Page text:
Anyone new to this blog or geophysics in archaeology is recommended to read the material on the “Geophysical survey in archaeology” page.
At the end of week 3 of the 2018 season we have now collected over 80 hectares of magnetometry data, that’s about 16 million readings. It would be traditional to cite the area in terms of soccer pitches, but soccer pitches do not have a standard size! It is, give or take a bit of variation, roughly 106 pitches in size. Figure 1 shows the entire area surveyed with the mag so far.
Figure 1: the total area surveyed with the mag at the end of Week 3.
The mag crew have had to deal with some awkward corners lately (Figure 2).
Figure 2: In the corner. The mag crew negotiate an awkward corner with the tower of St Alban’s Abbey in the distance.
The next two images show the whole of the survey in Mobbs Hole (Figure 3) and a zoomed-in view of the southern area completed in recent days (Figure 4).
Figure 3: the Mobbs Hole survey at the end of week 3.
Figure 4: the southern area of the Mobbs Hole survey.
The first thing that catches one’s eye are the blocks of stripes. Those are the result of the dreaded “sensor freeze”. Normally the team catch these in the field, but Friday and Saturday appears to have been bad days for it. I wish Foerster would sort this problem out, it is such a monumental waste of our time to have to go back and redo those grids (and reprocess the data!).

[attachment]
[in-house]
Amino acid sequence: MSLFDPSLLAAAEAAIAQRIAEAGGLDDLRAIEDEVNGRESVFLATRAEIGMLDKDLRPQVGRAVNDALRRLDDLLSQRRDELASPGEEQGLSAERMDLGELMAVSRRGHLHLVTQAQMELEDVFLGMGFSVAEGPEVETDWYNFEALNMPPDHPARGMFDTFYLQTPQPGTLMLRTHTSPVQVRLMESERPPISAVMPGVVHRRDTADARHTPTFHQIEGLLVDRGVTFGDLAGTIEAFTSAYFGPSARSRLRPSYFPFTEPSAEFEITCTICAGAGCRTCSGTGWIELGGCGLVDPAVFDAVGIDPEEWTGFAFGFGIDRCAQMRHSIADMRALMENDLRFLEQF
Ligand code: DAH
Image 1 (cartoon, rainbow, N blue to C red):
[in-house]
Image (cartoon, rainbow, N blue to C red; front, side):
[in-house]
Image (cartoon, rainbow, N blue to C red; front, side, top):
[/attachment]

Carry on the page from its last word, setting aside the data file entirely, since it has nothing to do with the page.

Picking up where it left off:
In broad stroke terms, it is interesting to note that the “texture” of the survey is very different to the east than the west. Looking at the superficial geology map there are gravel deposits a little way to the south, but the area of the survey has not been mapped. The difference in texture is very similar to what we have seen elsewhere, e.g., between the “theatre” and macellum” fields, and I would argue that this represents some superficial gravel deposits in this area. The large high-magnetic features towards the middle of Figure 4, along the edge of the texture change, could be quarries into this gravel?